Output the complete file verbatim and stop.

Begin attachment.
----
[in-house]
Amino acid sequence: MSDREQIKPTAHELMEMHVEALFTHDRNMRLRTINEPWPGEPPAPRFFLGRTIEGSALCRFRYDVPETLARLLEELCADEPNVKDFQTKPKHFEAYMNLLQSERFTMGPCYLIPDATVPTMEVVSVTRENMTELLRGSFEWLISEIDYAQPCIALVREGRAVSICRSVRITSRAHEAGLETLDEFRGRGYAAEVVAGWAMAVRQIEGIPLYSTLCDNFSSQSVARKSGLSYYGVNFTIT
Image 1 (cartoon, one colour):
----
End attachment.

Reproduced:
[in-house]
Amino acid sequence: MSDREQIKPTAHELMEMHVEALFTHDRNMRLRTINEPWPGEPPAPRFFLGRTIEGSALCRFRYDVPETLARLLEELCADEPNVKDFQTKPKHFEAYMNLLQSERFTMGPCYLIPDATVPTMEVVSVTRENMTELLRGSFEWLISEIDYAQPCIALVREGRAVSICRSVRITSRAHEAGLETLDEFRGRGYAAEVVAGWAMAVRQIEGIPLYSTLCDNFSSQSVARKSGLSYYGVNFTIT
Image 1 (cartoon, one colour):